In the first part of this guide, we discussed how to create a school night routine. Now we are going to focus on maintaining that routine and making it a consistent habit. Your children may be resistant at first, but they will ultimately feel better and perform better in school if they stick to a nightly schedule. Here are some tips for keeping up with your school night routine.
Follow through with the Rules You Make
If you tell your children to be in bed by 8 PM, stick to that. If you say 5 more minutes on a video game, mean it. If you allow your child to watch one episode of a show before bed, stop after that one episode. Following through with your rules establishes a clear set of expectations for your child. Saying no is hard the first few times, but it gets much easier when your child knows what’s expected of him or her.
Create a Nightly Checklist Your Child Understands
Children respond well to checklists. They can see the tasks that need to be completed, and they get instant gratification when they are checked off the list. If your child is old enough to read, you may be able to write this nightly checklist out in words. If not, use pictures to symbolize different tasks for the night – picking up toys, brushing teeth, reading a book, etc. Find a visual system that works for your child.
Set Alarms for Different Nighttime Tasks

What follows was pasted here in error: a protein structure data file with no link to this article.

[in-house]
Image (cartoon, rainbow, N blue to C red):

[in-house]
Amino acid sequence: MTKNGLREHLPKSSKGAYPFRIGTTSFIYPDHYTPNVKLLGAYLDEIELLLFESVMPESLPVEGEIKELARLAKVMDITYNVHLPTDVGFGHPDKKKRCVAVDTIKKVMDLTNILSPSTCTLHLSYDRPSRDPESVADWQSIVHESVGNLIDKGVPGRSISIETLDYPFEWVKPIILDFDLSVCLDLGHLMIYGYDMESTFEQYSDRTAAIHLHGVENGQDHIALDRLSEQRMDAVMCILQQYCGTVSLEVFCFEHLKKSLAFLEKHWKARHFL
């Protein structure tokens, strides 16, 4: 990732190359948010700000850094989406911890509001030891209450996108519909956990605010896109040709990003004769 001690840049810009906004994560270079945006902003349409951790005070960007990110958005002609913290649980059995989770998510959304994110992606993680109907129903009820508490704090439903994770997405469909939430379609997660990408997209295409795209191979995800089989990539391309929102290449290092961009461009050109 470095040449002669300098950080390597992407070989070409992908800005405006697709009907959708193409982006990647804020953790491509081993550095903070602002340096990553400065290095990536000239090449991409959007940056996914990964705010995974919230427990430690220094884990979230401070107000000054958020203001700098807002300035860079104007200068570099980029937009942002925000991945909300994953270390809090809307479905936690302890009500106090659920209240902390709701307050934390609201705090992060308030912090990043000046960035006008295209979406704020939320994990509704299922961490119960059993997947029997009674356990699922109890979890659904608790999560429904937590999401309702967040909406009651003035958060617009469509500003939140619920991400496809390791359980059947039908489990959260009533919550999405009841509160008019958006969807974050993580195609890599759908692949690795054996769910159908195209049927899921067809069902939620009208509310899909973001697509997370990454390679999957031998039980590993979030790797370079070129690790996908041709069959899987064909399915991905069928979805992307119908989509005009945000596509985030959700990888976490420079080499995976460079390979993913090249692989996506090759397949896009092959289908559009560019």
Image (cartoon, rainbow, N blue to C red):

If your child is old enough to have a phone, set alarms for different tasks each night. For example, you may have a warning alarm 10 minutes before the TV has to go off, then another when the TV must be turned off. You may have an alarm for nighttime medicine or for taking a bath. Alarms do not work for everyone, but they are good reminders for many children.
Avoid Using Rewards to Encourage Routines
You may be inclined to reward your child for sticking to the school night routine. However, doing so may send the wrong message. Completing daily hygiene routines and doing homework isn’t something that should be rewarded. That is just a natural part of growing older and gaining more responsibility. Encourage your child to abide by the rules, but don’t rely on rewards to achieve that. Your child needs to learn that sometimes, you just have to do things you’re not excited about.
Lead by Example
Your child watches your every move. If you have a nighttime routine, your child will mirror that. Of course, your routine doesn’t have to be the same as your child’s. You should try to live by some version of the same structure though. Leave your phone in another room for dinner, brush your teeth at a certain time, put work away during family time – do some of the things you are asking of your child. This will keep your family progressing as a unit.
For more parenting tips or to schedule an appointment with a family counselor near you, call Perspectives Counseling Centers.